SOIL EROSION

– loss of soil

– process of soil erosion where soil is detached from its place and transferred to another place. it is soil erosion.

2 Processes Are Important

Detachment of soil particles- in field soil is there and particles are aggregated & get detached
These detached particles are transported- they are transported to another place where they are deposited or lost anywhere.

# These two processes are carried by 2 agents/forces i.e. water & wind
-Water & wind are responsible for detachment and transported of soil particles & they are known as erosion agents. 

Natural erosion-

Under natural conditions due to rain or wind there will be erosion of soil. In every situation there is natural erosion by wind & water. This natural erosion causes loss of soil but this loss of soil is compensated by soil formation process.

In natural conditions there are 2 processes-

Soil formation process by rock weathering- physical, chemical or biological weathering.

Factors (wind & water- natural agents)  we cannot change rainfall pattern or wind speed to reduce erosion, we can’t control it for an area but the practices that is being done in that area- cultivation practices, farm practices it increases the rate of erosion.

Factors that influence the rate of erosion-

1) RAINFALL
Water erosion occurs in diff stages
  1. Stage-1 Sheet ErosionWhen there is rainfall, flowing water carries soil with it and water is muddy. Uniform removal of top soil, thin layer is removed and fertile soil is lost. The top fertile layer is removed from the field & fertility & productivity is reduced. Generally it is ignored because water is flowing and is not recognized.
  2. Stage-2 Rill Erosion- Water is moving making a uniform channel along the slope. Small shallow depth channels can be seen & soil moves along with the water through these shallow depth channels.
  3. Stage-3 Gully Erosion- Advancement of rill erosion. The channels become wide, broad & deep & water flowing volume is more as compared to rill erosion. Rills become wide and deep and carry more water and soil and cause more soil erosion.
  4. Stage-4 Revine- advance stage of gully is formation of ravines. The channels become very broad & deep and it starts out as the site of a small stream or river. The water wears a deep grove into the earth, which affects water as it drains from other locations, speeding up erosion process.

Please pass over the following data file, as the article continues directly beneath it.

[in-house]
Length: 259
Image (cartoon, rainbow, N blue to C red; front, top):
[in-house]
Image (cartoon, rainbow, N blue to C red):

5. Landslides- landslides occurs mainly in hilly areas. Rain gets into rocks & cause them to become unstable. When unstable rock & soil get wet they get heavier. Once, a landslide occur rate of erosion by water & wind speeds up.
2) WIND SPEED
Wind erosion occurs in diff ways-

2.1 Saltation- (Jumping action)- when wind flows, it makes pressure/hit soil particles, particles move into air and again come back to surface-jumping action.

about 30-60 cm above from surface.

medium size particles about 0.1mm-0.5mm

50-75% soil is eroded by saltation

2.2 Surface creeping-(rolling action) particles roll on surface, they do not come into the air-particles are heavy, they can’t come into air. Wind makes pressure on it & they start rolling on surface. Rolling is not for much distance.

particle size- >0.5mm

5-20% soil is eroded

2.3 Suspension-(floating action) very small particles come into air & start floating in air. Particles are very small so they travel long distances.

particle size- <0.1mm

3-4% soil is eroded

3) SOIL ERODIBILITY
– If erodibility is high, soil is more prone to erosion

Erosivity– erosion causing power of agent (power of wind & water to cause erosion)

– Erosivity more, erosion will be more.

3.1 Aggregation- In soil particles are present in aggregates. If aggregation is more then there is more water stable aggregate, then detachment will be less, erodibility will be less & less chances of soil erosion

– if aggregation is good in soil, there is less chance of erosion.

3.2 Slope (Steepness)- if slope is more, water runoff is more, it will detach and transport the soil more.

3.3 Slope Length- if slope length is more, erosion will be more.

3.4 Physical characteristics in relation to aggregation- the soil having more aggregation, detachment will be less & transportation will be less.

Sandy (Coarse textured) Clay (Fine textured)
In sandy soil aggregation is poor, detachment is easy but transportation is low because sand particles are heavy In clay aggregation is more & detachment is less but transportation is easy & light particles are transported easily.
 SandClay
DetachmentEasyDifficult
TransportDifficultEasy
InfilterationEasy b/c macropores are thereLow b/c micropores, sealing of pores
Runofflessmore

Chemical Properties:

4) VEGETATION
  • Falling raindrop are intercepted by the vegetation, splash is less, sealing of pores is less, & transportation of soil is less.
  • Wind will hit soil very less with less force & detachment will be less.
  • Leaf drip or canopy drip- rain drops are intercepted by the leaves of trees and decrease velocity of water falling on soil.
  • Stem flow- water is intercepted by plant & flow into the soil by stem, velocity is decreased.
  • Some water is in canopy & directly hit the soil, it is called through fall.
5) FARMING